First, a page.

Prostate radiotherapy effects on testosterone levels: an empirical investigation
There is a paucity of clinical data to support the hypothesis that external beam radiation therapy causes iatrogenic hypogonadism in prostate cancer patients.
All prostate cancer patients treated at a single institution with radiation therapy between 2002 and 2010 were retrospectively evaluated. Patients treated with brachytherapy alone received 0 Gy of external beam radiation therapy and served as the control group. Patients treated with combination external beam radiation therapy + brachytherapy, or external beam radiation therapy alone were categorized into groups who received 45–54 Gy or > 60 Gy of external beam radiation therapy, respectively. Serum testosterone levels were routinely measured with prostate-specific antigen tests.
The median follow-up periods for 149 evaluable patients in the control group (0 Gy), the 45–54 Gy group, and > 60 Gy group were 57, 62, and 55 months, respectively (p = 0.43). Among patients who underwent external beam radiation therapy, 53% were treated with intensity-modulated radiation therapy, 65% with pelvic lymph node coverage, and 78% with 18 megavoltage photons. There were no differences in serum testosterone level declines over time between the 45–54 Gy group (p = 0.32) or the > 60 Gy group (p = 0.14) when compared to the control group (0 Gy). While body mass index was associated with baseline testosterone levels in univariate analysis (p < 0.0001), it was not associated with the rate of change following radiation therapy (p = 0.6).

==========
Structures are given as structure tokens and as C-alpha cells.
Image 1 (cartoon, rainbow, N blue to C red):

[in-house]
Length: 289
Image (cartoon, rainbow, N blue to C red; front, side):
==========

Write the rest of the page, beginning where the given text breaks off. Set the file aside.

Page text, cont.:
Empirical evidence does not support the hypothesis that incidental exposure of the testicular Leydig cells from scattered photons and/or daily portal imaging affects testosterone levels.
KeywordsProstate Radiotherapy Testosterone Hypogonadism
This material is the result of work supported with resources and the use of facilities at the Hunter Holmes McGuire Veterans Affairs Medical Center in Richmond, Virginia. The contents do not represent the views of the US Department of Veterans Affairs or the United States Government. This work was also supported by the Johns Hopkins University Alumni Second Decade Society.
The work was supported by the Hunter Holmes McGuire Veterans Affairs Medical Center in Richmond, Virginia. The work was also supported by the Johns Hopkins University Alumni Second Decade Society.
Compliance with ethical standards
Conflict of interest
Matthew Williams, Emily Harris, Duncan Kilpatrick, Dr. Robert Adler, Dr. Wen Wan, Dr. Michael Chang, Dr. Michael Hagan, and Dr. Drew Moghanaki declare that they have no conflict of interest.
Statement of ethical standards
The data presented here were part of a retrospective quality improvement project that had previously been reviewed by the Institutional Review Board and determined to not meet the definition of human subjects research as defined in Code of Federal Regulations. This article does not contain any studies with human or animal subjects performed by any of the authors.
For this type of study, formal consent is not required.
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